Subway wants to change how its customers buy their sandwiches.
The Milford, Conn.-based sandwich giant this week said it created Subway Digital, a division at the company that organizes its customer-facing digital technology under a single group.
That group has a broad mandate: To use digital technology to change the customer experience inside its restaurants.
“It’s less about technology and more about evolving the guest experience,” said Carman Wenkoff, Subway’s chief information officer. “The world has changed. This is an acknowledgement that we want to change with the world and be ahead of the curve.”
The chain has big ideas for the new digital team, and it is working with a sense of urgency to change how customers interact with the 44,000-unit concept.
“Our goal is not just small progressions, but a fairly radical transformation of the guest experience,” Wenkoff said. “This will include whatever digital and technology elements are integrated with the restaurant. It’s well beyond menu boards or kiosks.”
Subway created its new digital division while working with Accenture, a New York-based strategy and consulting firm. “Consumers expect their experience to be personalized and the new standard is set by companies innovating with digital technologies,” Brad Humphries, Accenture’s retail lead for North America, said in a statement.
Subway already has a lot of digital efforts. The chain has a smartphone app, and added mobile payments to that app in 2014. Wenkoff said the digital group will look at “every part of the app” and might “significantly” reengineer parts of the app to change the customer experience.
Subway has also had a loyalty program that goes back a decade. The digital team will look at reinventing “the concept of loyalty” so that it provides a “very good, consistent experience” regardless of which how the customers use the loyalty program.
“We want to make sure it’s a unique experience, not one-size fits all,” Wenkoff said.
The team could also look at kiosks, an idea gaining some steam within the quick-service restaurant business as a way to potentially speed service or change the customer experience.
Panera Bread is adding kiosks at many of its locations through its Panera 2.0 remodel. The Wendy’s Co. has said it will enable franchisees to start adding kiosks in its locations this year. Newly created concepts, like San Francisco-based Eatsa, use kiosks exclusively.
Subway tested kiosks years ago “but it was a little too early,” Wenkoff said.
“There’s a place for kiosks in our future,” Wenkoff said. “It’s not an immediate priority, but we will be developing strategies around it.”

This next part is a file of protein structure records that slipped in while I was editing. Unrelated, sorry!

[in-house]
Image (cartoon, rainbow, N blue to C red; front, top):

Subway is working to get itself out of a sales slump that has halted the chain’s legendary growth in the US. Its domestic unit count fell slightly last year as the chain stopped developing to focus more on improving unit volumes.
Under CEO Suzanne Greco, the chain is upgrading its menu, removing artificial ingredients and adding premium products.
“We’ve worked to provide guests with a fresh and innovative experience for 50 years,” Greco said in a statement. “We were the first to bake bread fresh daily, and the first to offer guests the opportunity to customize their sandwiches. With the creation of Subway Digital, we are committed to making the guest experience as meaningful, convenient and contemporary as possible, across all channels.”
Reinventing itself on the digital front would be a huge change. And some restaurants have successfully pulled in customers by making it easier for them to get their products. Domino’s Pizza Inc., for instance, as well as Starbucks Corp., have both generated sales through technology.
At the same time, using digital to make it easier for customers to order food and to give them incentives to come back is a defensive strategy. Customers simply demand such things these days.
“We’re very optimistic that layering on a good, comprehensive digital strategy is going to lead to a great guest experience, and that will increase sales and increase average ticket,” Wenkoff said. “We’ve got our goals set quite high on that.”
The challenge for Subway is that it’s a 100-percent franchised operation, which can make it more difficult to integrate all technology at the store level. But Wenkoff said that franchisees have been involved “since day one.”
“They have a front-row seat and continue to be involved,” he said.